India Must Note — Road to South East Asian Economy is Via Myanmar

The Northeast, figuratively, is a bridgehead to SE Asia. The first section of the bridge passes over Myanmar.

Updated
Opinion
7 min read
Myanmarese refugees in India participate in a protest against the ousting of Myanmar’s elected government and its leader Aung San Suu Kyi, in New Delhi, Friday, 5 Feb 2021. 
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About 100 Myanmarese, fleeing the current violence and security crackdown in their country, including several policemen, have taken refuge in Mizoram which has a long border with Myanmar’s Chin State. This may be a minuscule number given the extraordinary scale of public protests by hundreds of thousands of unarmed demonstrators in cities and towns despite brutal crackdowns.

The demonstrations have called for the restoration of democracy, the abdication of power by the military and the release of political prisoners including Aung San Suu Kyi. Equally extraordinary has been the arbitrary use of State force that has killed more than 50 persons including teenagers, after armed forces fired live ammunition into crowds.

However, Mizoram is familiar territory for Myanmar’s dissidents, some of whom lived there after 1988 when the military crushed a pro-democracy, student-led movement and sent Suu Kyi to her first of several terms of house arrest. They included politicians and student activists, business-folk and professionals, including teachers and doctors.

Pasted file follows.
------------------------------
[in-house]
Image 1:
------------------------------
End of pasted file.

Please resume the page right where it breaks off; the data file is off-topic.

At one point, no less than 30,000 economic migrants were there including over 100 political workers. That's a large proportion of the tiny state's estimated population of 1.2 million. The Mizoram-Myanmar border has many crossing points and in recent years has also seen a growth in the influx of smuggled small arms and drugs.

Mizoram’s Traumatic Past

Mizoram itself suffered a traumatic insurgency between 1966 and 1986 before a peace accord ended decades of fighting and brought the Mizo National Front (MNF) to power. The current Chief Minister Zoramthanga, now in his third term, was the MNF’s Finance Secretary or minister during its rebel days. National Security Adviser Ajit Doval had a key role as a young intelligence officer in bringing about the peace process.

But what is more interesting is that, informally, Mizoram had enabled the earlier Myanmar political refugees to stay quietly, giving India a unique window into events in its neighbourhood, while keeping a close eye on their activities.

Indeed, before the Government of India announces a public position on the tragedy unfolding in Myanmar, Zoramthanga has already declared his views: “Our brothers and sisters in Myanmar are currently facing problems because of the coup and we welcome those who are forced to flee into Mizoram for their physical safety. The government is mindful that they could face hunger and has sanctioned funds accordingly.”

This is a most diplomatic statement, taking not so much a political position as a humanitarian one.

India’s ‘Silence’ on Myanmar Isn’t Apathy

India’s silence on the situation in Myanmar is not studied indifference but born out of a deep, long engagement with the country and its past and present rulers including Suu Kyi. It must be reviewing the developments with both unease and caution.

For in the policy mix is the consideration of how this could affect the security situation in the northeast, which has stabilised over the past decade, with diminished insurgencies as a result of political, public and military pressure. 

These rebel movements are in a state of suspended animation, and in occasional peace talks with irregular eruptions by groups such as the outlawed United Liberation Front of Asom.

In recent years, India has carried out counter strikes on rebel camps along the border, while the Myanmar army has also occasionally actively attacked such insurgent groups.